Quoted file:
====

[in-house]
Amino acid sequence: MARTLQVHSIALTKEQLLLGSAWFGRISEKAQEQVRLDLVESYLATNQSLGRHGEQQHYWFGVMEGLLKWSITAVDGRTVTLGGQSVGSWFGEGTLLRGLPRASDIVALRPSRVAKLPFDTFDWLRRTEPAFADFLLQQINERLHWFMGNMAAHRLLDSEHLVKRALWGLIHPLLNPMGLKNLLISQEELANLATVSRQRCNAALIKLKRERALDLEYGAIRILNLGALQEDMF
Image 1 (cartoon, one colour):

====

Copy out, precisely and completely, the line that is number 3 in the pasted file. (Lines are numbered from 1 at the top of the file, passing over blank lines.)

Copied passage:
Image 1 (cartoon, one colour):